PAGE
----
Still, the alt-rock jam band makes the bulk its money on the road — and they’ve clearly got loyal fans.
Time will tell how resilient the DMB record ends up being, but for now, let’s check out the week’s other chart winners and losers: READ FULL STORY
Taylor Swift’s new single “We Are Never Ever Getting Back Together” may just sell the most downloads ever! ever! ever! in its first week.
Released on Monday night, the song is reportedly heading to first-week downloads in the 600,000 range, which would make the breakup anthem the fastest selling song ever by a female artist. (Lady Gaga currently holds that record with “Born This Way,” which was downloaded 448,000 times in its first frame.)
There’s one song Taylor probably will probably not outsell, though: “Right Round” by Flo Rida feat. Ke$ha, which sold 636,000 songs in a single week in 2009. Still, if she climbs past Justin Bieber’s “Boyfriend,” which moved 521,000 editions in its first week, she’ll have the second-best sales week in digital history. Not too shabby.
We’ll see how high “Never,” which hit No. 72 on this week’s Hot 100, soars next week, but for now, let’s check out the week’s other chart winners and losers: READ FULL STORY
Following Frank Ocean’s very personal admission on his Tumblr and a high-profile performance on Late Night with Jimmy Fallon last week, Def Jam released his major-label debut Channel Orange a week early on July 10 as an iTunes exclusive.
While that move may have angered Target, which is protesting the early digital release by not carrying the physical album (discs officially hit retailers yesterday), Ocean probably isn’t too worried about it. Channel Orange sold an impressive 131,000 copies (3,000 of which were actually CDs) in its first week. As Billboard notes, his sales are in line with recent R&B/hip-hop debuts from Usher (Looking 4 Myself, 128,000) and Chris Brown (Fortune, 135,000).
Some of the initial interest undoubtedly comes from Ocean’s recent revelation that his first love was a man, but reviews — including EW’s — have largely been enthusiastic, and have little to do with his expressed sexuality.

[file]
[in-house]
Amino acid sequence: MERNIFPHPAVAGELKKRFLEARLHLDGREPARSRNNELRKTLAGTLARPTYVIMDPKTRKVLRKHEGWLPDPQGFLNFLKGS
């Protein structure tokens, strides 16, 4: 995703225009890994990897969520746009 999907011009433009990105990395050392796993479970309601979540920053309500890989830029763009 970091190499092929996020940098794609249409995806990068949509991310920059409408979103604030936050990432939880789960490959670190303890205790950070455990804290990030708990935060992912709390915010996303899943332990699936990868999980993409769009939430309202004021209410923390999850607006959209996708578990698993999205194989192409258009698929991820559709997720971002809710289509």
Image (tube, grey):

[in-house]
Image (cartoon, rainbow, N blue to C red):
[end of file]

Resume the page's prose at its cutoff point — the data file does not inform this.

Chris Brown has definitely found fame in many senses (not all desirable), and now the R&B crooner can add to his fortune.
After months of too-soon hype, false starts, and one epic bottle-throwing fight, the controversial Breezy saw his fifth album Fortune land at the No. 1 spot of this week’s Billboard charts (not exactly a breezy(!) ride to the top).
The new Brown album sold 134,000 copies in its first week, a significant drop from the 270,000 in debut-week sales of his previous album, last year’s F.A.M.E. While Fortune outsold the other non-Frank Ocean R&B contender of the season — Usher’s Looking 4 Myself (which sold 128,000 in its first week) — it should be noted that the alleged bottle tosser Brown competed mainly against a flurry of older albums that Amazon was dispensing at 99 cents a pop — a price so unusually cheap, Music Mix couldn’t even locate the proper “cent” symbol on the keyboard.
Here’s some news sure to make Usher “Scream.”
The R&B/pop crooner’s 7th studio album Looking 4 Myself topped the Billboard 200 in its debut week, shifting 128,000 copies. While that start can’t compare to the first-week sales of his last effort, 2010′s Raymond vs. Raymond, which sold 329,000 copies in its first week, that’s not exactly a surprise. Usher hasn’t produced a “DJ Got Us Falling In Love”-sized smash from Looking 4 Myself yet — the album’s lead single “Climax” only reached number 17, while its follow-up “Scream” has peaked at 13.
In second, Canadian prog-rockers Rush demonstrated remarkable resilience with their latest, Clockwork Angels, which moved 103,000 copies — up from the 93,000 their last album, 2007′s Snakes and Arrows, sold in its first week. In 2002, their Vapor Trails debuted with 110,000 units sold; the fact that their numbers haven’t eroded in the last decade is impressive. READ FULL STORY